'No fear' around carrying guns now

This blood-curdling shootout in a condominium elevator involved up to ten guns.


A kidnapping of two boys and a ransom paid for their release ensued. There is sexual torture and Russian roulette alleged.

You wouldn’t think this would happen even in the wildest parts of the Wild West. This real-life shootout between the Queens Drive Crips and Young Buck Killas happened on a Tuesday night in Toronto and not on the silver screen.

It began April 19th, not in the stereotypical violent gangland areas that usually draws a public yawn, but at Front St. and Blue Jays Way in a swanky condo that is home to some Toronto Blue Jays players.

This has got people’s attention. Maybe it will be the brazen incident that finally forces politicians to allow police to be police again.

You know it’s serious when even veteran Staff-Insp. Mike Earl calls the gunplay “shocking and disturbing.” In decades on the job he has seen it all.

But not this.

Seems one group of gang members rented a unit on the 25th floor of Blue Jays Way (police originally said it was through Airbnb, but on Friday issued a release saying the information they had been given was "incorrect). Seems another armed gang came to do battle.

The video evidence is something out of a Quentin Tarantino movie. Perhaps the people pushing the ‘street checks by police are racist’ narrative will wake up and smell the gun smoke.

“These guys are carrying guns around like crazy,” Earl told reporters. “There’s no fear.”

Why would there be? A suspicious person can now tell a police officer to buzz off.

The number of guns and ammunition in this instance is one example of what happens when the bad guys packing have no concerns about being challenged.

Before the political neutering of police by ending carding, gangsters were nervous to carry guns.

Instead they had them stashed which, Earl said, meant when they saw a rival, the instant opportunity to open fire was not there because they were not armed.

Not any more.

“They’re feeling very comfortable carrying their firearms,” explained Earl. “They’re not really being interrupted, they’re not being approached as much as they used to be.”

The result?

“There’s a lot of guns on the streets and I think this shows it,” he said.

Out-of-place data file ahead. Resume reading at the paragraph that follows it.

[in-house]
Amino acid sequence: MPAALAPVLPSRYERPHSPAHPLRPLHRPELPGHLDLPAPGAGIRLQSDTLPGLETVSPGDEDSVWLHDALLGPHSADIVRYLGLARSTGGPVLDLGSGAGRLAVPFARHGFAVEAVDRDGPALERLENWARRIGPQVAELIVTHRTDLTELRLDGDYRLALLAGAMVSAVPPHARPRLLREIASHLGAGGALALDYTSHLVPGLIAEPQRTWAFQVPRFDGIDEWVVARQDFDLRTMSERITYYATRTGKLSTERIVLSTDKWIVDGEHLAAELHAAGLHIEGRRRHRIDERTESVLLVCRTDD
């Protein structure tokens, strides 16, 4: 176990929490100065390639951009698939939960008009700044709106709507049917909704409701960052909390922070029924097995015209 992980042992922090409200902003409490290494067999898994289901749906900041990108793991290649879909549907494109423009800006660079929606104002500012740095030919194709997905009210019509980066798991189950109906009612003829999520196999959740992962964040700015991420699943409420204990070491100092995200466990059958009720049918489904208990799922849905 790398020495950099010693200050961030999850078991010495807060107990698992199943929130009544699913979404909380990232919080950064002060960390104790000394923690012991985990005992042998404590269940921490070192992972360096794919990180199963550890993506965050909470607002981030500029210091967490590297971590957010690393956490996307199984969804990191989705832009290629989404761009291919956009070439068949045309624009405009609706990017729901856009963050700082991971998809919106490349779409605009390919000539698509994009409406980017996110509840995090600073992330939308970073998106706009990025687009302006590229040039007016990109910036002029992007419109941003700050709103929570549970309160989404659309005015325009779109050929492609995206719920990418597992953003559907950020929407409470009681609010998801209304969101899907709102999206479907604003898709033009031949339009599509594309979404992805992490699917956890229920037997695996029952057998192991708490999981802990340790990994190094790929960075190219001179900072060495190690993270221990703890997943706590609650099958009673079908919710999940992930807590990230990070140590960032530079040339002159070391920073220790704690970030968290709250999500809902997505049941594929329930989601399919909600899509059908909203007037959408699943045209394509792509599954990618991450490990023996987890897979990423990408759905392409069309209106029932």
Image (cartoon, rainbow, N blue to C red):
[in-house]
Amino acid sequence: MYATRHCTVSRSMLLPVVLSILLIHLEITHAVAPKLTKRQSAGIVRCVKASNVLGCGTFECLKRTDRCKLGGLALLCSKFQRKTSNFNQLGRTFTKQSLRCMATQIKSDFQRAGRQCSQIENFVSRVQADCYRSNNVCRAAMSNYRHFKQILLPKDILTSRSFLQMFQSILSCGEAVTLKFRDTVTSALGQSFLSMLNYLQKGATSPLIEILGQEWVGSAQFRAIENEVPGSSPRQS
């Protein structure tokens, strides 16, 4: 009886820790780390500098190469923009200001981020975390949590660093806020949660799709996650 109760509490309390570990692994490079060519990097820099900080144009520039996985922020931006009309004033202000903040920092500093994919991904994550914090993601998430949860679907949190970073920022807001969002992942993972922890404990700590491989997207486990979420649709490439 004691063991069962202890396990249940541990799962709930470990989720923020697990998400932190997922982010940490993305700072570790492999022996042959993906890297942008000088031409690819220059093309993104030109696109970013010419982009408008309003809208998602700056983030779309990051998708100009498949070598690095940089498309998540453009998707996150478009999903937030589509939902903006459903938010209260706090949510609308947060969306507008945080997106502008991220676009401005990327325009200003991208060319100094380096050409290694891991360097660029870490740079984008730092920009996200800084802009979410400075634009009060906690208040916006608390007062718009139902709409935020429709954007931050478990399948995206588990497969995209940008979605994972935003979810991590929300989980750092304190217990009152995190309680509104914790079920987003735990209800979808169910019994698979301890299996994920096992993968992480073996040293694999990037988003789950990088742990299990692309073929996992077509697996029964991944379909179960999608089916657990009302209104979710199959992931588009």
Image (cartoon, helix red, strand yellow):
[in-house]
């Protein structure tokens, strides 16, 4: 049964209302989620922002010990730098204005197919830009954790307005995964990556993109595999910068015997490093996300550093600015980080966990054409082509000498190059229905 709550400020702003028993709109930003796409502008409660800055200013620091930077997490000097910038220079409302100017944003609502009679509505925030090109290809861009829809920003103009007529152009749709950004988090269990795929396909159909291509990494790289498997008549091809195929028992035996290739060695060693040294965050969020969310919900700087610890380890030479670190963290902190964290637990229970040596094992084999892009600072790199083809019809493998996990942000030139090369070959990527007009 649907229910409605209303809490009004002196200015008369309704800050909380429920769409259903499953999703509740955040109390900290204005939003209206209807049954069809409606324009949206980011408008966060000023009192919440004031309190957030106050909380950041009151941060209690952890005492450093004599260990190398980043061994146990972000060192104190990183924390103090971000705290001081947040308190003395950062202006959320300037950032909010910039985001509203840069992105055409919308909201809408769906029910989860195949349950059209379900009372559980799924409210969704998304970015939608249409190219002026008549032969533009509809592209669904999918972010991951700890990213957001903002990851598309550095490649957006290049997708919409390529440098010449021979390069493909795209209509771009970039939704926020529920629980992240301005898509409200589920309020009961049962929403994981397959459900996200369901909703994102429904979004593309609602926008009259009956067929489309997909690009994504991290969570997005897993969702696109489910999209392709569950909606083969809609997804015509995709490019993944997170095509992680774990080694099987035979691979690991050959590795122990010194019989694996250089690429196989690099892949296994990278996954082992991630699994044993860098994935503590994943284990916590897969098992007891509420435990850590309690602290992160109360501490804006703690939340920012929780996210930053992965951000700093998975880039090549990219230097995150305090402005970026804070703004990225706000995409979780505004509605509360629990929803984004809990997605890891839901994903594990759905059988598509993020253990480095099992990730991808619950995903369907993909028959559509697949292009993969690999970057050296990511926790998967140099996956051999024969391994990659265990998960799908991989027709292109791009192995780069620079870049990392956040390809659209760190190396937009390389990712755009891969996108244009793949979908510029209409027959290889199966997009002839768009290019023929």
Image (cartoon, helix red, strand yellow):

The statistics also show it. Shooting occurrences are up 61% over this time last year — 118 compared to 73 in April of 2015. Shooting victims are up 31% — 146 compared to 111. Homicide is double last year’s count at this time with 26 — 16 of those from the barrel of a gun.

Toronto is not always a safe city and there’s not one part of it anymore where one can feel completely safe as this incident illustrates.

“We’ve had a lot of shootings this year, as the media knows and the frontline police officers know,” said Earl. “But I’m not sure if everyone else knows what’s going on.”

Before another innocent teen like Shyanne Charles is killed or equally as precious Joshua Yasay, Jane Creba or Bailey Zaveda, they had better realize it.

“Something has changed in the criminal behaviour and we as police officers and the public at large have to ask what that is and why?” said Earl.

Everybody knows what it is. Police are not able to engage the public the same way they used to be able to.

It may not be politically correct to say it but the fact that the province has effectively eliminated carding as a policing tool needs to be looked at in this violent crime spike.

Before the politicians beat up on Earl for telling the truth, it must be noted he also said there are other factors including the availability of guns, that many of the gang members are 18 or younger and that when there is a rash of shootings there is a rash of retaliation.

These killers don’t care where they do it — at a barbecue, in the Eaton Centre, on Yonge St., in church, a funeral home, hospital or schoolyard. For these gangster thugs everywhere is a shooting gallery.

Even in an elevator.

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